Bradley Hornby of Blenheim’s Arbour restaurant presents ideas for the ultimate seafood dinner.
New Year’s Day 2021, and I am at one of my favourite places in the world, Rarangi Beach. I’m ankle deep in the soothing waters of Te Koko-o-Kupe (Cloudy Bay), throwing a piece of driftwood for my dog Charlie and absorbing the calming, transcendent energy that only this place gives me. No matter how rushed or busy my day feels, I come here and time suddenly means nothing. Today as I gaze out over the water, I find it hard to put into words the profound effect Marlborough has had in shaping my life for the better. I want to give my deepest gratitude to a community that has embraced, nurtured and supported Arbour, allowing a dream to become a reality. And the producers, artisans and visionaries, now also friends and mentors, who give us the fruits of their labour, passion and skills so that we may in turn practice our own craft – hospitality. The abundance, bounty and generosity of this great region and its beautiful people humbles me to my very core. I am truly lucky to have been drawn to this place. I may not be from here but the best part of me will never leave here. Marlborough will always be my home. BRADLEY HORNBY
A group of diners at Arbour recently called chef/owner Bradley Hornby out of the kitchen to chat about the food and congratulate him on their meal. But he turned it back on them, telling them, “It’s you that we should be clapping for – you hold the power of keeping small businesses open. You choose whether to support sustainable businesses such as ours.” Believing that diners are increasingly seeking out businesses that act ethically, he’s thankful to, and respectful of, those who recognise the values that he and co-owner Liz Buttimore have worked so hard to embody: sustainability, a strong sense of place, being a part of the community and giving back – so much more than the already very high bar of a restaurant offering a welcoming retreat to enjoy the very best of the region’s superb seasonal produce. “Arbour is a place where you can come to be happy, a place of respite, but without a sense of community, and the support of that community, we wouldn’t be here,” he says.
But it’s no one-way street with Bradley, Liz and the Arbour team raising thousands of dollars for local charities, being generous with their time, talents, network and resources to give back to those who need a chance. Enthusiastic ambassadors for the Marlborough region and its bounty, they also work hard to give those producers, growers and harvesters the prominence they deserve. “Across Marlborough – across the whole country even – are some really talented, forward-thinking people who are taking risks and backing themselves. You can taste that.”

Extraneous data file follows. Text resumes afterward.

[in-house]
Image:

After first teaming up at Wellington’s InterContinental Hotel, Bradley and Liz headed overseas, tackling increasingly complex roles and complicated hospitality projects. Six years ago it was time for them to strike out on their own, coming to settle in Blenheim where Arbour was born in a former tractor shed surrounded by vines.
Right from the start it was clear that the beautiful and bountiful Marlborough region would drive the menu and over time it has become apparent how much Arbour would offer to, and draw from, the community to which it belongs. Local and seasonal is a mantra that many cooks draw on, but Bradley is adamant that they use local products not only because it fits their values to support local growers and makers, but because the produce of the Marlborough region is truly world class. “We have enough abundance right here that we don’t need to compromise by going outside the region. If you come to dine at Arbour we owe it to you to show you our place on earth.” That might mean the opportunity to try something new such as fallow venison from Premium Game or hāpuku caught on a hand line, or demonstrating that locally made cheese has all the subtlety and nuance of those European favourites. “Dealing directly with the people growing your food makes you more in tune,” says Bradley. “My eyes and ears are more open to the ebb and flow of the seasons. I don’t get angry anymore if I can’t get something – I understand. The menu is driven by what we have around us.”
It’s been a demanding year that has presented numerous challenges and opportunities. Bradley is unhesitating when asked who he admires most in his peer group for navigating the shoals of uncertainty. “Liz; she’s inspiring and humbling, not only thinking about Arbour, but our community and how to keep a voice and an identity and give back. She’s the life in the room and she’s the reason why people come here.” Although married for 13 years, the couple parted amicably two years ago and have continued to run the business successfully as co-owners, with a synergy and energy that sustains. “We’d put so much effort in [to Arbour] that we couldn’t lose it. It’s with the support and empathy of our current partners that we can continue to do what we love. We’re both thankful and respectful of that.”
Drawing inspiration from the vines around him, Bradley likens his style to the process of winemaking: take good produce and apply technique when it’s needed. “Marlborough is where I’ve had the opportunity to find out who I am. I’m thankful every day that I get the chance to work with passionate, skilled people and to be part of a community that give me a sense of worth.” TRACY WHITMEY